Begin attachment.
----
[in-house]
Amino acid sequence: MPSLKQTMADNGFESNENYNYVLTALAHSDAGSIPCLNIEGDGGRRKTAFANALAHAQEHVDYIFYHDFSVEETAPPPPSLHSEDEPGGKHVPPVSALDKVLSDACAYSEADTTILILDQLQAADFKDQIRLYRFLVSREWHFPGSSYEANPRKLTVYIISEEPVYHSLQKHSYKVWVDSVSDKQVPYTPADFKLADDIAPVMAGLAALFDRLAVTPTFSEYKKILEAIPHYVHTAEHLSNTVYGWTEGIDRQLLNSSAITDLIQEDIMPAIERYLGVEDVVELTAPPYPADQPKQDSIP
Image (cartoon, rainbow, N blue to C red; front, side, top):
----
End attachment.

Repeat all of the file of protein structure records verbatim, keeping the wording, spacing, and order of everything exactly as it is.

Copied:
[in-house]
Amino acid sequence: MPSLKQTMADNGFESNENYNYVLTALAHSDAGSIPCLNIEGDGGRRKTAFANALAHAQEHVDYIFYHDFSVEETAPPPPSLHSEDEPGGKHVPPVSALDKVLSDACAYSEADTTILILDQLQAADFKDQIRLYRFLVSREWHFPGSSYEANPRKLTVYIISEEPVYHSLQKHSYKVWVDSVSDKQVPYTPADFKLADDIAPVMAGLAALFDRLAVTPTFSEYKKILEAIPHYVHTAEHLSNTVYGWTEGIDRQLLNSSAITDLIQEDIMPAIERYLGVEDVVELTAPPYPADQPKQDSIP
Image (cartoon, rainbow, N blue to C red; front, side, top):